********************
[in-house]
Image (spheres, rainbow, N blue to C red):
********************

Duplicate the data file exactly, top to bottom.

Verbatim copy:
[in-house]
Image (spheres, rainbow, N blue to C red):